Man Builds Giant $56K Computer That Plays Tetris

The days of gigantic mainframe computers are over, with large-scale computing relegated to server rooms. Personal computing has brought things down in size, all the way to our pockets, but that seems like it bummed James Newman out. The British digital electronics engineer wanted to get a really good look at how computers work down at the microprocessor level, but humans can’t really see what goes on at the nanometer level. So, Newman cast off microprocessors and embraced his own creation — the megaprocessor.

PC Mag has the story of Newman’s now-completed quest to build a gigantic, working computer lined with LED lights that tell him exactly how information is being processed. The computer, which took four years to build, fills up an entire living room at 32 feet long and 6.5 feet tall, weighing 1,100 pounds. In practice, it’s a computer no different than any other, just blown up to a totally unreasonable size. Massive ribbon cables, transistors, and memory boards are all connected, spanning multiple wall-sized panels. I guess it’s pretty convenient, in one way — Newman can probably just use the air conditioner for the cooling system.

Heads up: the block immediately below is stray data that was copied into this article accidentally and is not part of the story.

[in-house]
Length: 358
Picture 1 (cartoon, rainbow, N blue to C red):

If you swing over to the website Newman created for the project, you can actually get a development kit to program software for the megaprocessor-powered computer. You can also check out a series of YouTube videos and diary entries chronicling the project from beginning to end. That’s right — if you want a good excuse to end your relationship with your significant other, you can learn how to build your own megaprocessor!

Meanwhile, Newman will be over in Cambridge using the LEDs on his memory board to play giant Tetris.

Projection: Cylindrical (1) FOV: 227 x 78 Ev: 6.71
Projection: Cylindrical (1)
FOV: 227 x 78
Ev: 6.71

Via PC Mag